Coventry district bond issue fails
District to consider options in coming weeks
COVENTRY — A slight majority of voters in the Aug. 7 Special Election declined to support a request for a combined 5.99-mill levy and bond issue to fund construction of a new school and improvements to others in the Coventry Local Schools District.
According to unofficial results from the Summit County Board of Elections, 51 percent of voters were against Issue No. 4, of which 4.89 mills would be used for the bond, which would have extended 34 years, and 1.1 mills for a permanent improvement levy. There were 1,715 votes against and 1,625 votes in favor of the issue.
Superintendent Russell Chaboudy said he was “tremendously disappointed” to see the results. Passage would have allowed the district to move forward on a major construction and renovation effort and leverage local dollars with $11 million from the Ohio School Facilities Commission (OSFC) for a portion of it.
“We just thought this was a golden opportunity not only for the school district but the community,” he said. “We have a lot of people that worked very hard, and we thought we had a pretty good shot at it.”
He added he thinks two factors might have hindered the district’s efforts.
“We kept hearing from a lot of people that they just couldn’t afford to raise their taxes, and we certainly understand that, and they are disappointed with the way our schools are funded in the state,” he said. “It’s a shame. I feel bad for our kids. They really deserve to be in a great learning environment. We have a very tough situation with our facilities.”
Had it passed, the levy and bond issue would have cost $153 per year for the owner of property valued at $83,300, the median value of a Portage Lakes area household, school officials said.
Earlier this year, Treasurer Aaron Butts estimated that passage of the issue would save the district $600,000 a year, an amount currently being paid annually in repairs to the district’s buildings. He said the money now spent keeping the buildings in operation could be used to save future jobs.
Chaboudy said the district would need to make some big decisions in the coming weeks as it re-examines the construction plan and its other needs.
He said the district already had planned to seek a renewal of its current operating levy in the Nov. 6 General Election. The filing deadline for the election was Aug. 8.
Once a district is offered funding from the OSFC, it has 12 months to pass a bond issue for its share.
“The Board of Education will have to determine if we go on the ballot with a large operating issue or come back with this issue” in 2013, Chaboudy said. “We thought we had a chance to win this thing and move forward, but this puts us in a bind.”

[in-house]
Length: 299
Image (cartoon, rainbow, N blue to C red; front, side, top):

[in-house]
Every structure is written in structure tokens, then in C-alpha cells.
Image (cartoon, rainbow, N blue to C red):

He added that district officials are meeting with an Ohio Department of Education oversight committee in a week and that could determine what happens next.
The district decided in May to place the bond and levy issue on the ballot after the OSFC — an independent state agency that helps fund the construction of new schools or renovations to existing ones to improve the education experience — offered the district $11 million toward a $39.3 million construction and renovation project.
At that time, Chaboudy said the district was about two years away from receiving the offer, but state Rep. Anthony DeVitis (R-District 43), of Green, appealed to the OSFC after learning of the district’s facility needs.
If it had passed, district officials said the bond issue would have paved the way for the construction of a new state-of-the-art high school for ninth through 12th grades, including a new gymnasium, increased parking and other site improvements. District officials said the high school would have been built at the current Erwine Intermediate School site, and the current Erwine building would have been demolished as part of the project.
The plan also would have consolidated all of the elementary students into one building. The existing high school would have been renovated to become a new elementary school for kindergarten through fifth grades, complete with a new gymnasium. The roof would be upgraded, technology added and additional security measures put in place, district officials said. They added that by closing Turkeyfoot Elementary, the district would have seen a savings.
The bond and improvement levy also would have allowed for a new heating and cooling system to be installed, windows and roof replacement, the addition of new classrooms, upgrades to technology and security, and paving at Coventry Middle School.
Additionally, the plan called for the relocation of the existing pre-engineered building at Turkeyfoot, which would have been converted into the district’s administrative offices.
Chaboudy said whatever happens, he and his staff are now focused on welcoming students back for the new school year.
“They deserve a 21st-century learning environment and, unfortunately, we didn’t get it,” he said. “We’re going to welcome back 2,400 kids Aug. 21 and do the best we can do.”
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